Prognostic tools for identification of high risk in people with Crohn’s disease: systematic review and cost-effectiveness study

Edwards SJ, Barton S, Bacelar M, Karner C, Cain P, Wakefield V, Marceniuk G
Record ID 32018001087
Authors' objectives: Crohn’s disease is a lifelong condition that can affect any segment of the gastrointestinal tract. Some people with Crohn’s disease may be at higher risk of following a severe course of disease than others and being able to identify the level of risk a patient has could lead to personalised management. To assess the prognostic test accuracy, clinical impact and cost-effectiveness of two tools for the stratification of people with a diagnosis of Crohn’s disease by risk of following a severe course of disease.
Authors' results and conclusions: Sixteen publications, including eight original studies (n = 1478), were deemed relevant to the review of prognostic accuracy. Documents supplied by the companies marketing the prognostic tools were also reviewed. No study meeting the eligibility criteria reported on the sensitivity or specificity of the IBDX biomarker stratification tool, whereas one study provided estimates of sensitivity, specificity and negative predictive value for the PredictSURE-IBD tool. All identified studies were observational and were considered to provide weak evidence on the effectiveness of the tools. Owing to the paucity of data on the two tools, in the base-case analysis the accuracy of PredictSURE-IBD was assumed to be 100%. Accuracy of IBDX was assumed to be 100% in a scenario analysis, with the cost of the tests being the only difference between the analyses. The incremental analysis of cost-effectiveness demonstrated that top-down (via the use of PredictSURE-IBD in the model) is more expensive and generates fewer quality-adjusted life-years than step-up (via the standard care arm of the model). Although the model indicates that standard care dominates the tests, the lack of evidence of prognostic accuracy of the two tests and the uncertainty around the benefits of the top-down and step-up treatment approaches mean that the results should be interpreted as indicative rather than definitive.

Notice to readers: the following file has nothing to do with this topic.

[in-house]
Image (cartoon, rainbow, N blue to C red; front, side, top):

Authors' methods: The data sources MEDLINE, EMBASE, the Cochrane Database of Systematic Reviews and the Cochrane Central Register of Controlled Trials were searched to inform the systematic reviews on prognostic accuracy, clinical impact of the prognostic tools, and economic evaluations. Additional data sources to inform the review of economic evaluations were NHS Economic Evaluation Database, Database of Abstracts of Reviews of Effects and the Health Technology Assessment Database. Systematic reviews of electronic databases were carried out from inception to June 2019 for studies assessing the prognostic accuracy and clinical impact of the IBDX® (Crohn’s disease Prognosis Test; Glycominds Ltd, Lod, Israel) biomarker stratification tool and the PredictSURE-IBD™ (PredictImmune Ltd, Cambridge, UK) tool. Systematic reviews of studies reporting on the cost-effectiveness of treatments for Crohn’s disease were run from inception to July 2019. Two reviewers independently agreed on studies for inclusion, assessed the quality of included studies and validated the data extracted from studies. Clinical and methodological heterogeneity across studies precluded the synthesis of data for prognostic accuracy. A de novo economic model was developed to compare the costs and consequences of two treatment approaches – the ‘top-down’ and ‘step-up’ strategies, with step-up considered standard care – in people at high risk of following a severe course of Crohn’s disease. The model comprised a decision tree and a Markov cohort model. Despite extensive systematic searches of the literature, no robust evidence was identified of the prognostic accuracy of the biomarker stratification tools IBDX and PredictSURE-IBD.
Project Status: Completed
Year Published: 2021
URL for additional information: English
English language abstract: An English language summary is available
Publication Type: Full HTA
Country: England, United Kingdom
DOI: 10.3310/hta25230
MeSH Terms
  • Crohn Disease
  • Risk Factors
  • Disease Management
  • Prognosis
  • Diagnosis, Differential
  • Inflammatory Bowel Diseases
Organisation Name: NIHR Health Technology Assessment programme
Contact Address: NIHR Journals Library, National Institute for Health and Care Research, Evaluation, Trials and Studies Coordinating Centre, Alpha House, University of Southampton Science Park, Southampton SO16 7NS, UK
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